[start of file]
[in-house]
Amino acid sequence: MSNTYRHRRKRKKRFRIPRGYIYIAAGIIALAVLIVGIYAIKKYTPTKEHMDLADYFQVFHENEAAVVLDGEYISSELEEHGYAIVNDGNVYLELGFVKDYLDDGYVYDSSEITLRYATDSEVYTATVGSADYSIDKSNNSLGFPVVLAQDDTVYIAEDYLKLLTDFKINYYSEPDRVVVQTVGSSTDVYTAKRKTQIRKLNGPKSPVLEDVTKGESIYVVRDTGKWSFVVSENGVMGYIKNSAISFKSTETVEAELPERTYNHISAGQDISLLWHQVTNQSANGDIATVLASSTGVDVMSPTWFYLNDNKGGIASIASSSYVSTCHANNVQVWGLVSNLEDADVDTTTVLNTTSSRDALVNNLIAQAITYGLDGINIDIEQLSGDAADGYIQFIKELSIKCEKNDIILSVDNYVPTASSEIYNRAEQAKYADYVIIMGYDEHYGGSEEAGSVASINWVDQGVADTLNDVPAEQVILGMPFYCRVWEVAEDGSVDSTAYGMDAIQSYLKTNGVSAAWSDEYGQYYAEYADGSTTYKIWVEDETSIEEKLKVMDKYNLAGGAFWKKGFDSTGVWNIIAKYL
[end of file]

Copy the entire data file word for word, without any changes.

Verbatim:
[in-house]
Amino acid sequence: MSNTYRHRRKRKKRFRIPRGYIYIAAGIIALAVLIVGIYAIKKYTPTKEHMDLADYFQVFHENEAAVVLDGEYISSELEEHGYAIVNDGNVYLELGFVKDYLDDGYVYDSSEITLRYATDSEVYTATVGSADYSIDKSNNSLGFPVVLAQDDTVYIAEDYLKLLTDFKINYYSEPDRVVVQTVGSSTDVYTAKRKTQIRKLNGPKSPVLEDVTKGESIYVVRDTGKWSFVVSENGVMGYIKNSAISFKSTETVEAELPERTYNHISAGQDISLLWHQVTNQSANGDIATVLASSTGVDVMSPTWFYLNDNKGGIASIASSSYVSTCHANNVQVWGLVSNLEDADVDTTTVLNTTSSRDALVNNLIAQAITYGLDGINIDIEQLSGDAADGYIQFIKELSIKCEKNDIILSVDNYVPTASSEIYNRAEQAKYADYVIIMGYDEHYGGSEEAGSVASINWVDQGVADTLNDVPAEQVILGMPFYCRVWEVAEDGSVDSTAYGMDAIQSYLKTNGVSAAWSDEYGQYYAEYADGSTTYKIWVEDETSIEEKLKVMDKYNLAGGAFWKKGFDSTGVWNIIAKYL